So, here’s one of the videos we watched (there’s adorable baby footage). In it, a professor from KU talks about how we “get by” our classes and watch our education pass us by because we’re just trying to “get through” our requirements and commitments during college. He also points out the design flaws in the higher education system, and I think it’s a very illuminating critique on how we view higher education. The most notable was the question of whether or not having a bunch of students in stadium-style seating facing a teacher who basically talks at them for one to three hours–or more–is the most effective way to keep them engaged or enthusiastic (or even interested at the most basic level) in what you or I as the teacher have to say.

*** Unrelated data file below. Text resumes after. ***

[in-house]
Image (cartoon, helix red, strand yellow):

I go into classrooms now and specifically pay attention to the ways in which seating is arranged, where the main focal points are, what the students look like (are they facing forward? Are they even awake? Engaged? Texting?), what the teacher looks like (do they have a flat affect and speak in a monotone? Are they gesticulating wildly with enthusiasm? Are they moving around or remaining stationary? Are they using a powerpoint presentation? Are they using multiple mediums? Are they writing on the board? Are they inviting students to come up to the front? Are they moving around the room? Can they move around the room or does the design of the space restrict their movements?). I also pay close attention to the design of the space and think about how that affects learning and teaching outcomes. Having just finished a human-centered design course, I have become a believer in the power of design thinking to improve and democratize higher education, and am fully cognizant of the fact that the way in which a learning space is designed and built directly influences the type of learning (or lack thereof) that happens there.